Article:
Professor Eric Anderson had arranged for Mike Buchanan (Justice for Men & Boys) and William Collins (Illustrated Empathy Gap) to deliver talks at his place of work, the University of Winchester U.K., this Friday (1/3/19).
Mike’s talk was billed as ‘Equal Rights for Men & Women’ and William Collins’: ‘Gender in History: Myth and Reality’.
Not only was official permission obtained but Professor Anderson had informed the Feminist Society on campus, as well as the Conservative Society, the leaders of which both expressed interest in seeing the events go ahead.
Unfortunately, yesterday (Tuesday, 26/2/19) a Change.org petition was created to ‘Prevent Men’s Rights Activists from coming to Winchester University’.
Mike was particularly interested to note that in this passage,
While feminism welcomes men and discusses men’s issues, this group is not inclusive or concerned with equality for all. Rather, they give ‘awards’ to ‘whiny feminist of the month’ and ‘gormless feminist of the month’, as well as supporting articles such as ’13 reasons why women lie about being raped’.
The authors of the petition decided not to mention the awards we have historically conferred upon the Lying Feminists of the Month. The claim that feminists welcome men and discuss men’s issues was presumably a joke.
The petition goes on to say:
There are societies at Winchester such as the Feminist Society and Spectrum who could be directly threatened by this speech and these people being on campus. We want women to feel safe on our campus, and these men do not help in that effort.
‘Directly threatened’ strikes me as a notable turn of phrase. Presumably chosen to invoke the idea of physical danger to members of the Feminist Society and Spectrum (LGBTQ), it appears to me to be a Freudian slip… The truth does indeed pose an existential threat to the viability of the Feminist Society in particular. What the authors of this petition mean when they refer to wanting “women to feel safe” is similarly, I would suggest, not intellectually challenged. A disappointing goal for university students.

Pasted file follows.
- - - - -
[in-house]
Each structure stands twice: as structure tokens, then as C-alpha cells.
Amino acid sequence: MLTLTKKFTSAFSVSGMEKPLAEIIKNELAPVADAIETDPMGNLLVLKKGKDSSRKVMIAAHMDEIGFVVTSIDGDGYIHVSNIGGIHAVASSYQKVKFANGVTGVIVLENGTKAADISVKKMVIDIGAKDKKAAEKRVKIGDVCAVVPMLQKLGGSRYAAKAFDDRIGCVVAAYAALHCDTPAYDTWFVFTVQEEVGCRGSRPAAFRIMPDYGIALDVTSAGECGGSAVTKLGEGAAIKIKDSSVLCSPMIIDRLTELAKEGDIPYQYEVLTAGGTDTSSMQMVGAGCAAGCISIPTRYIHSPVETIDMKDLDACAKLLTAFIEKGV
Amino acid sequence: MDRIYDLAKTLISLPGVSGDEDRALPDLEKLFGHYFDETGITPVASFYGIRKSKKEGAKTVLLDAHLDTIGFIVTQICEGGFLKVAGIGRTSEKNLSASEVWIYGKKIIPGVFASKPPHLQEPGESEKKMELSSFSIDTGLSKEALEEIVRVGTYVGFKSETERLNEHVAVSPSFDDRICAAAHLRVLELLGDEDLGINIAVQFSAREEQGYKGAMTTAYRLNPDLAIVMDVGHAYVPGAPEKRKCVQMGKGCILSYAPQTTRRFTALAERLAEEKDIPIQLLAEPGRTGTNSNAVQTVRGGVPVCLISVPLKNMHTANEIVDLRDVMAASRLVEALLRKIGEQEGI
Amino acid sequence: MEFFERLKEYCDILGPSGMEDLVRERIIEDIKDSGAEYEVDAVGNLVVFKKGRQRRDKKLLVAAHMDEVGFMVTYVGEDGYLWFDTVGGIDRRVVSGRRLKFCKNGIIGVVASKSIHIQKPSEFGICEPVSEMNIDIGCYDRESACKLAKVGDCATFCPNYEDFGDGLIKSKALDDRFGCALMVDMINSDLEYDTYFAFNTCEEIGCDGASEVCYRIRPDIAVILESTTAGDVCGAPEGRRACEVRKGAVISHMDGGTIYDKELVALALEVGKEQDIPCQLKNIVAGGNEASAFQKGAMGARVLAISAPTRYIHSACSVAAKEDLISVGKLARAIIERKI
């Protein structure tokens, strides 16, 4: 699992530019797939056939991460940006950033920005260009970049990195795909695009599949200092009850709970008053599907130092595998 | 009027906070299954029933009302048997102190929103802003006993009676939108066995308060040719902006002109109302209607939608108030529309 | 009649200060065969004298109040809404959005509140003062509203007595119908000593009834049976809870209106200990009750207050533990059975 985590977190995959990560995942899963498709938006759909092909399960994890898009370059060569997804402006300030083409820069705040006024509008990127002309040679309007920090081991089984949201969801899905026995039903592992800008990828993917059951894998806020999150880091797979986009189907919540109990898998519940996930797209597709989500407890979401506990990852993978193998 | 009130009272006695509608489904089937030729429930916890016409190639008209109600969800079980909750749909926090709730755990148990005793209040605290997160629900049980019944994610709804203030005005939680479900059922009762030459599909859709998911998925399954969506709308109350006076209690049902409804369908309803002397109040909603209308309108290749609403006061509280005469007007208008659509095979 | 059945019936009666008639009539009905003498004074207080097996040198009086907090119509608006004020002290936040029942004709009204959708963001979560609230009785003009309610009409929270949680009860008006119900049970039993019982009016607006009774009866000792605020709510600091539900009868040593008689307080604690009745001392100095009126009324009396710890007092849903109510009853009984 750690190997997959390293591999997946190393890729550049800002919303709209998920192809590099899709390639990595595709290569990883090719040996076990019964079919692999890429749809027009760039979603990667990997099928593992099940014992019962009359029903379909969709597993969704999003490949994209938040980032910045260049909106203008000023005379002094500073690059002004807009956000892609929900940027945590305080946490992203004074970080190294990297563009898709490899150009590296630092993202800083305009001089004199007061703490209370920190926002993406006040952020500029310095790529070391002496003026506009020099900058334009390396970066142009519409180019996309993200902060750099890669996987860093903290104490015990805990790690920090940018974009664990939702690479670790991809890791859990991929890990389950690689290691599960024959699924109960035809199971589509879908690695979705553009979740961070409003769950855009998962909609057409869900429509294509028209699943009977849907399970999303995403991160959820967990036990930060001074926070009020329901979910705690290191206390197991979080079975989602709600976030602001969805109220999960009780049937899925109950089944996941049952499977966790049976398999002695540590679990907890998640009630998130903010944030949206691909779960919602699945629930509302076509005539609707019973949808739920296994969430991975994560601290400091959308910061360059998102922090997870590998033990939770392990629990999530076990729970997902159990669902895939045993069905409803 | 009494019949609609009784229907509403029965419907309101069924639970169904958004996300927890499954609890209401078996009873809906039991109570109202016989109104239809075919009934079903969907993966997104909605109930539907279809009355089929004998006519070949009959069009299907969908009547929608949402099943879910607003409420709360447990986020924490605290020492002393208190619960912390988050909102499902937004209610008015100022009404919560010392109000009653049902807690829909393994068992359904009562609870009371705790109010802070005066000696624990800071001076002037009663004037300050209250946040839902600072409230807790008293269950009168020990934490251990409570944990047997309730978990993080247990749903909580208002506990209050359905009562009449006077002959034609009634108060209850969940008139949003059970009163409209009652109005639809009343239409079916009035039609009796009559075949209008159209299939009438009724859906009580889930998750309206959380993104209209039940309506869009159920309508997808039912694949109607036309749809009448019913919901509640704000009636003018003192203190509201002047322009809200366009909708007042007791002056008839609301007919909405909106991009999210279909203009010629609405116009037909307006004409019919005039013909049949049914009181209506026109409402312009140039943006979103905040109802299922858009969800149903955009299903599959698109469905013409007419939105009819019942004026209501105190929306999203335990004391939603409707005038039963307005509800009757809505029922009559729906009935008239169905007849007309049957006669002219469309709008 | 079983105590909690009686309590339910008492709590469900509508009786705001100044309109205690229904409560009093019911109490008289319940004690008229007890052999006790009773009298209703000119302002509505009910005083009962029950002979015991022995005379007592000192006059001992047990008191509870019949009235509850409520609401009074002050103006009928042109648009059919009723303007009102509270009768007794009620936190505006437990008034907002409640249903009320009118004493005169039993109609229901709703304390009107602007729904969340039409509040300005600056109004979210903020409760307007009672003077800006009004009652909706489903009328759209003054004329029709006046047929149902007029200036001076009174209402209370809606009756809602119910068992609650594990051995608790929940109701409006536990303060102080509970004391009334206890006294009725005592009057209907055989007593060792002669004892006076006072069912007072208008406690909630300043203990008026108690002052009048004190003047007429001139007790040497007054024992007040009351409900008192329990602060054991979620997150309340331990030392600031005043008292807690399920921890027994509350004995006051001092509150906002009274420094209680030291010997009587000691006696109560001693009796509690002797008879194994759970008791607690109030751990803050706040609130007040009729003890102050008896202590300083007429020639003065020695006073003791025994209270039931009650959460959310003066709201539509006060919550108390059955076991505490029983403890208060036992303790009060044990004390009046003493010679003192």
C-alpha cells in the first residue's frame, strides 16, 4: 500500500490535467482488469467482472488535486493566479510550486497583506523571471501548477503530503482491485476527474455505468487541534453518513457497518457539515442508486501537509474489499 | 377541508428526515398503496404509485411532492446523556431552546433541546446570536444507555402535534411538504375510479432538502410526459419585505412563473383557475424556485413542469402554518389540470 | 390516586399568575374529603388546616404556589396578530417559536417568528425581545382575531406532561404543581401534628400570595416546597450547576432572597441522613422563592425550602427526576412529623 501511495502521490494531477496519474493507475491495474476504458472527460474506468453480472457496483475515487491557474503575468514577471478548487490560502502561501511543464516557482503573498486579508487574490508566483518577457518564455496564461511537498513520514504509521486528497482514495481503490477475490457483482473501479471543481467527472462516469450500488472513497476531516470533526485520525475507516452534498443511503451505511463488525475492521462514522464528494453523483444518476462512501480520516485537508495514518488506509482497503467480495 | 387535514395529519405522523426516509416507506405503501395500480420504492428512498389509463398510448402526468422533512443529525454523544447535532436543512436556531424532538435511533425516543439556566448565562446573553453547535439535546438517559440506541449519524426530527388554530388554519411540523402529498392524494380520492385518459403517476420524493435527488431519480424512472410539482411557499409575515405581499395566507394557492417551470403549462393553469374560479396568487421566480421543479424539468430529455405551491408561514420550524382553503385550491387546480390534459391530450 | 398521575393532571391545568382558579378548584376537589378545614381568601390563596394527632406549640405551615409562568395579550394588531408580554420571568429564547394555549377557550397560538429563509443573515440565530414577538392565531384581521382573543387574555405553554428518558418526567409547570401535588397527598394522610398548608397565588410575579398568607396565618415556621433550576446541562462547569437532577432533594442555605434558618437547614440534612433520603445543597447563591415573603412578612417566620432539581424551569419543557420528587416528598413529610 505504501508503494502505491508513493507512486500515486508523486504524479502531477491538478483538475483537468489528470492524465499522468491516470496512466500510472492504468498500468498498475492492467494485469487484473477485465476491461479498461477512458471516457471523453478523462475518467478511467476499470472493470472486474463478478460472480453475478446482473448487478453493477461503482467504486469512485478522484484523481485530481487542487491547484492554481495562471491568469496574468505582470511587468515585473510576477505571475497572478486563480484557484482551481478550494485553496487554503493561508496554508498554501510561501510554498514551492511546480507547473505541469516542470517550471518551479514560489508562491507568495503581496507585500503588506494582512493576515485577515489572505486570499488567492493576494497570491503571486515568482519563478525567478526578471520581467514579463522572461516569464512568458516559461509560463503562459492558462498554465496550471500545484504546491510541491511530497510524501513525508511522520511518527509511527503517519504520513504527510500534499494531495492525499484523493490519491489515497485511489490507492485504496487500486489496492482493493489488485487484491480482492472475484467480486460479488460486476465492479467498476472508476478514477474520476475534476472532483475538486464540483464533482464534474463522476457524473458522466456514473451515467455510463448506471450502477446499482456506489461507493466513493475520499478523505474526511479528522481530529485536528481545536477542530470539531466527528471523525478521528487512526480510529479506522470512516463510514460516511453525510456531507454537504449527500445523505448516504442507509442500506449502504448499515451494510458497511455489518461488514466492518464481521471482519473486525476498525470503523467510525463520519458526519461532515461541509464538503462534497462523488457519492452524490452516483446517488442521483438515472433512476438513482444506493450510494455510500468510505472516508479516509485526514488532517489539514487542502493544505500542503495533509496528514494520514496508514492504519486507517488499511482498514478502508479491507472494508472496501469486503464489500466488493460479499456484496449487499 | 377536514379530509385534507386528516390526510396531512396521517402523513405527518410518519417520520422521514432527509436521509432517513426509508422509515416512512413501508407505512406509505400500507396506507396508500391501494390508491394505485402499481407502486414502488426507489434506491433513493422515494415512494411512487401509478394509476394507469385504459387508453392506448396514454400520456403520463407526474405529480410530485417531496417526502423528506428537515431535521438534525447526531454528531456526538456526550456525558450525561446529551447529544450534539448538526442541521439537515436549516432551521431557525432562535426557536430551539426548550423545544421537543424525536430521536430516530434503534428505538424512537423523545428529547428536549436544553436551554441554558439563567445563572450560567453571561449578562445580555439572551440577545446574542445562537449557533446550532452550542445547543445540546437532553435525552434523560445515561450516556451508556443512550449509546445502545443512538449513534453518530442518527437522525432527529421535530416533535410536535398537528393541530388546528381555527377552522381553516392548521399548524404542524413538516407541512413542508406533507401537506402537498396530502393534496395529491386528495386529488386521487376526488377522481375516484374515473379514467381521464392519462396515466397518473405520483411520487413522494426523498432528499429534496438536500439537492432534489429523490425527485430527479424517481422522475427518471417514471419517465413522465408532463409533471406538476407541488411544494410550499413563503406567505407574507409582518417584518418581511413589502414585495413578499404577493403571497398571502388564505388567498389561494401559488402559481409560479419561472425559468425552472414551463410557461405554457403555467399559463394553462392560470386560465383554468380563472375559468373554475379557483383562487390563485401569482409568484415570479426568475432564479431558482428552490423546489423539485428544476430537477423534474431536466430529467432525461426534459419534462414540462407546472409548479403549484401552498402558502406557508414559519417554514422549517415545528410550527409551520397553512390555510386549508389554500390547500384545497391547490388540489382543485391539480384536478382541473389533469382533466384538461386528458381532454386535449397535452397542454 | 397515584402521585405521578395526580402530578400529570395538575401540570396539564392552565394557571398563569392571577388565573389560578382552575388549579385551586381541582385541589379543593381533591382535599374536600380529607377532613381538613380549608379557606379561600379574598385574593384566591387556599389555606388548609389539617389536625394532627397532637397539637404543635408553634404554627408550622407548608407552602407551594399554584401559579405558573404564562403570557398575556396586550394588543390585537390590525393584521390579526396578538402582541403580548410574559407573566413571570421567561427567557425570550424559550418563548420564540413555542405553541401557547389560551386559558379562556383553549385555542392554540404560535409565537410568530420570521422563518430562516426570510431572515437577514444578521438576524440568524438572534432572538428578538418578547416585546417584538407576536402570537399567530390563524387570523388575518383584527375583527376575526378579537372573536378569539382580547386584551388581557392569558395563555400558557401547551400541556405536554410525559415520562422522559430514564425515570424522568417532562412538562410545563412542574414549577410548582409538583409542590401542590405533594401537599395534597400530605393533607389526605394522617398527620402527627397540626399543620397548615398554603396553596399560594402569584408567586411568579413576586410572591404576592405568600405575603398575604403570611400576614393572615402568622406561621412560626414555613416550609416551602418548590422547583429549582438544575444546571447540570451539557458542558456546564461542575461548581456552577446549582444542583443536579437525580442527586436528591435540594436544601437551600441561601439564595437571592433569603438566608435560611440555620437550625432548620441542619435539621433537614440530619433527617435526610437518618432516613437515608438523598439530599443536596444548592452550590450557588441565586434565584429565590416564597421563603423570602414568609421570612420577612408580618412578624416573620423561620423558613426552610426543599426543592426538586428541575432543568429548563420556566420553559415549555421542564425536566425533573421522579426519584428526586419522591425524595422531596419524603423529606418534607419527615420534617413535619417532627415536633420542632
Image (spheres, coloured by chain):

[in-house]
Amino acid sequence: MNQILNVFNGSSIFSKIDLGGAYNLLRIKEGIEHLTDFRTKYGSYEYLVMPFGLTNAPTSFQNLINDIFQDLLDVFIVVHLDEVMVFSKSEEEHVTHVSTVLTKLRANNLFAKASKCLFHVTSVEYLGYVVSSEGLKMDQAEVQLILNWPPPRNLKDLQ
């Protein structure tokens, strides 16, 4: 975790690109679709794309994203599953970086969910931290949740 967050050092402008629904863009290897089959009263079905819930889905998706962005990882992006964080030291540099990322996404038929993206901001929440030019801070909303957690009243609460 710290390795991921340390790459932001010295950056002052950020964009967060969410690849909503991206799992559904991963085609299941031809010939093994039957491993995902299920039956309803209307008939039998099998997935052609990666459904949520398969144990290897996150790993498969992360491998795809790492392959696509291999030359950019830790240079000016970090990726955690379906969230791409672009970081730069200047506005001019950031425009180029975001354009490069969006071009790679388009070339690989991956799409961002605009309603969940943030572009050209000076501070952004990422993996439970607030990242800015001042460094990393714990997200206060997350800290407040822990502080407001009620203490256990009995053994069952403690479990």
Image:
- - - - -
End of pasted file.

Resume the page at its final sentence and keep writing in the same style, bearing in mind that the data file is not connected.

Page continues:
The University of Winchester’s Values statement includes the claim that:
we believe academic freedom leads to big ideas which in turn lead to social justice and creativity for a better world.
And goes on to say:
We are passionate about seeing individuals flourish here. The dignity and wellbeing of individuals is important as are their opinions and views. We are committed to working globally to ensure equality and justice for all. Everyone is welcome here. Staff and students will learn to value and appreciate others, whoever they are and whatever their background. Together, we will be supported and challenged to reach our full potential.
These talks were an opportunity for the institution to stand by their sentiments, and Professor Anderson and his students who were looking forward to engaging with the talks. Instead, in the face of feminist pressure, they dithered and hesitated until Mike and William decided that they were uncomfortable with the amount of stress the situation was causing Professor Anderson and voluntarily pulled out of the engagements.
The story made a local news site, The Southern Daily Echo, in which a university spokesman is reported as explaining:
The event with Justice for Men and Boys will not be going ahead. The university, and a significant number of students and staff, had concerns about this event.
When members of staff invite a guest speaker in to speak with students, this should in no way be interpreted as the university supporting or endorsing their views.
Like all universities, Winchester values intellectual freedom and free speech… However, events should be balanced and provide space for healthy challenge and debate.
An interesting exchange can also be found on Mumsnet wherein a variety of posters, despite believing the misrepresentation of Mike in particular, argue with an author of the petition for free speech.
Both talks have been made available to read:
‘Equal Rights for Men & Women’, Mike Buchanan.
‘Gender in History: Myth and Reality’, William Collins.
Finally, I would like to offer my thanks to Professor Anderson for organising the events and persisting, with such determination for so long, in their defence. While his views are as controversial within the MHRM as without, what can be said unequivocally is that he is committed to opening up the debate around gender politics within academia and he deserves our gratitude and respect for that.